My hon. Friend makes a fair point. There is a need for a little head bashing, although not necessarily only inside the BBC and one or two of the other channels—it should take place across the whole industry.
My hon. Friend makes a good point about his constituents. I am sure he is out there every night, assiduously counting the number of satellite dishes going up. There are short-term issues that have to be addressed, but those must not mask our opportunity. He mentioned why people in his constituency and elsewhere may have gone digital—to access particular television stations. However, by the time digital switchover is completed in 2012, there will be literally scores of channels and opportunities of different kinds, not least through the potential of high-speed broadband.
As I mentioned, Microsoft Entertainment is exploring with British Telecom and others the kind of services that it might be able to bring into people's homes. That will make traditional terrestrial channels look like something from the ark. There is real excitement ahead.
My hon. Friends are right to point out the short-term problems, which are not inconsiderable. However, the potential is such that, by 2012, the argument will not be, "Why did the Government make us all do this?" People will look back and say that this Government were right to have had the foresight to get this done and that the opportunity they created was enormous.
To use my hon. Friend's term, we have to head bash among ourselves to make sure that the technology that we are encouraging people to have in their homes will match the kind of services in which they will be able to take part. If we have one particular problem, it is this. We begin the process in 2008 and end it in 2012, but the technology going into people's homes in 2008 will be different by 2012. That is not the Government's fault. None the less, it would be foolish for them not to recognise the changes and the speed with which the technology is changing.
I say to both my hon. Friends that it is significant that, in Wales, take-up has been high. I recognise what part of the reason for that is. None the less, 80 per cent. of Wales has already made the switch. It is worth recognising that that is probably to do with more than the problem of access to some television stations.
The high take-up in Wales is very good news, but it leaves us with the important issue of the 20 per cent. who will need to convert before Wales switches over in 2009. Although many people are now converting their second and third sets too, many have yet to convert at all. We the Government, the broadcasters, Digital UK, Ofcom—all the organisations involved in providing help—have a great deal to do between now and 2009, and I do not underestimate that. We must encourage people to take up digital TV and understand the barriers to which I have alluded.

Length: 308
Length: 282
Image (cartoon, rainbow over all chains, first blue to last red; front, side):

As a Government, we remain platform-neutral. How people make the switch is up to them, although I recognise the point made by my hon. Friend the Member for Rhondda: for some people, satellite may be the only option because of where they live.
It is vital that we put out as much information as we can to try to help people. I welcome the national information campaign that Digital UK, the broadcasters' organisation for switchover, has launched. Between now and switchover, Digital UK will be communicating with every single TV viewing household in the country to help them to prepare for that change.
We must also ensure that nobody is left behind. That is why we are putting together a special assistance scheme, from all the work that we have done, specifically focused on those for whom conversion may be a problem. I reassure my hon. Friend the Member for Wrexham that we do not for one second underestimate issues around low-income households in the UK. However, from the evidence that we have seen, being in that bracket tends not to be the barrier to conversion. Age and disability tend to be—not exclusively, but by and large. For that reason, to make sure that the assistance scheme is appropriately targeted, we have decided to aim it at those groups.